Interpreting PHP error_log statements

Here are three versions of the same error message (PHP 5.x and Red Hat Linux OS):
(1) [Fri Jan 30 12:06:57 2015] [error] [client] File does not exist: /var/www/vhosts/
(2) [Fri Jan 30 12:07:28 2015] [error] [client] File does not exist: /var/www/vhosts/
(3) [Fri Jan 30 12:38:32 2015] [error] [client] File does not exist: /var/www/vhosts/

Statement #1 is most perplexing. The file login.php (I get the same message if I use login.php) calls itself. In older programming languages it would be called a recursion. Yet the server can’t find the self-same file whose code it is executing. I’ve tried using a complete URL for the file call -i.e., http:/MyDomain/folder-containing-login.php/login.php, and that doesn’t solve the problem.

Statement #2: What’s Linux address …/var got to do with this?

Statement #3: Nowhere in this ecommerce application is there a “zencart” file. The database is named zencart-database. Would it be not unprecedented that the error log generator would clip the characters zencart from the complete database name?

So there it is. My complete perplexity. Any wisdom regarding this issue would be greatly appreciated.

Never used Linux myself but that file location looks a little odd, especially this part:

Check the include path(s), maybe you’re trying to include from the wrong folder

The addresses you are getting there are the actual location on the server rather than web addresses.

The first thing we need to know to be able to make sense of it is which of the directories in that structure is the one that the domain points to.

We would also need to know if you have any redirects set up (in the .htaccess file or elsewhere) that would affect where the system looks for files.

Also what does the code look like where you are making the call?

Thanks for your prompt response to my post. The addresses have to be “actual” server locations because that’s where the application resides. This zencart ecommerce site works perfectly -calls correctly find files on the server- except for this one administration file which enables content to be placed on the site.

DNS points to (my anonymous name used for this post).

There are no redirects.

I’ve been unable to pin-point with certainty the precise line of code making the call to the unlocatable file because I can’t get a file-open-with-write-privileges to function so that I can perform a trace. However, I have reason to believe that it is the following code line which makes the call:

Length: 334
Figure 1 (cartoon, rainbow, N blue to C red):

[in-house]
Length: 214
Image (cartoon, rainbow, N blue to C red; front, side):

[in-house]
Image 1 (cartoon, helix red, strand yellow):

“form id=“loginForm” name=“loginForm” width:500px; height:500px; action=”<?php echo zen_href_link(FILENAME_LOGIN, zen_get_all_get_params(), 'SSL');?>" method=“post” onsubmit=“animateRHR(this)”

I’ve removed the HTML tags to get this line of code to stay in this reply. If it vanishes after I “reply” I’ll try another strategy.

FILENAME_LOGIN is a global string variable set to “login” in a file of “define” statements.

Following is the animateRHR() function:

function animateRHR(f)
var button = document.getElementById(“btn_submit”);
var img = document.getElementById(“actionImg”);“wait”;
button.disabled = true;
button.className = ‘hiddenField’;
img.className = ‘’;
return true;

“true” is the default value for “button.disabled =”. Changing the value to “false” doesn’t resolve any difficulty.

There’s a catch-22 for my attempt to debug the code. It’s precisely this administration utility that would enable me to find the location of the function: zen_get_all_get_params().

So those are the facts available. The issue of not getting a file to open and be written to is an independent issue I may post separately.

Is that an IP you recognize? Or is this a bot scanning for potential weaknesses in your site? If it’s a bot, seemingly random 404’s would be it trying to find common URL weak points to attack.

StarLion, thank you for your prompt response. It’s my ip. Had it forever.

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